Big disc, little disc
Despite this, the 803 was nowhere near powerful enough to run business-critical operations like wages, stores, and sales that big companies needed. This was handled by punch-card systems, of which one TNMOC room houses an example. It looks like the skeletal remains of a Terminator machine.
It’s the Elliott 903 where things get noisy. Elliott Automation added the paper tape reader and teletype to the 803. TNMOC has plugged in a monitor to this beast so you can view things electronically. The 903 adds a further 8K of memory while the processor makes a dry squeaky sound – like an old wheel in need of oiling.
The NeXT Cube: a lost classic from Steve Jobs' "black" phase
In an age when you didn't have monitors to see what was wrong, engineers added such sounds to determine how the machine was working, Spencer says. Engineers would listen for variations; silence, it seemed, was a sign things had gone wrong.
Opposite the Elliotts are 20 washing machine-shaped metal cabinets. This is an ICL 2966, the largest of TNMOC’s machines yet, with a mighty 7GB of disk storage. Machines like the 2966 were used in large public and private operations in the 1970s and 1980s. TNMOC’s beast ran billing, payroll, and general accounting for TARMAC Quarry Products in Wolverhampton between 1985 and 1999.
Storage in this room-sized squatter was tiny but performance was not: storage media consisted of massive ceramic discs covered with a magnetic coating and capable of holding 200MB each. Accessing a specific piece of data meant entering a query into a terminal that told you which disc held the data. The disc was then loaded into a reinforced cabinet, weighing two tons, and spun up to 1,000 RPM.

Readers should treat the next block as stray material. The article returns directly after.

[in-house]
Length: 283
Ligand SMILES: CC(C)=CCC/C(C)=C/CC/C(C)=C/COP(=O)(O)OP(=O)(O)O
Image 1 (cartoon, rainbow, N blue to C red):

Both the drums and buildings hosting them had to be specially reinforced because they’d vibrate while running at full power, while the discs had a habit of breaking free. “One guy told me a story of it punching though the wall and into the River Thames outside,” Spencer says.
Arranged around the ICL beast and its 200MB disc is a display of storage media, showing how things have shrunk while capacity has grown.
The BBC Micro classroom, where many hack their first code
Now, though, we get personal as we enter a gallery of PCs from the 1980s: among them, Sinclair Spectrums, BBC Micros and Amstrads, and an IBM 5150 of the kind that became Time Magazine’s Person of the Year in 1981.
Here the sounds are more rounded than the metallic punching and dry squeaking of the Elliott, and they are ubiquitous and layered – an aural comment on the explosion in PC ownership during that decade and the sheer number of different types of PCs that were available. TNMOC seems to be piping in some soft '80s synth music, too. It’s here you can get hands-on and either relive old memories of key-tapping or show the kids how a program started by loading your code from a cassette tape.
TNMOC is a work in progress and the PC gallery is the last of its refurbished areas. In the unfinished room next door we find business computers in a holding pattern, waiting to be displayed properly.
If the gallery we left behind was for the consumer, this is all business. Among the machines here is a Xerox Star, whose program takes a full six hours to load. The machine is often left turned off, we’re told, because it's time to go home by the time it's up and running. A NeXT Cube workstation and a NeXT Station mini-computer complete the room’s artefacts. These are machines of legend, thrice blessed by the digital gods.
First, they were created by the hand of Steve Jobs at NeXT Computer, the company he founded after he was booted out of Apple in 1988 following a boardroom insurrection. Second, it was a NeXT that Tim Berners-Lee used at CERN to run the world’s first web browser – the Cube is one of CERN’s machines, but not, alas, the actual example used by Berners-Lee himself.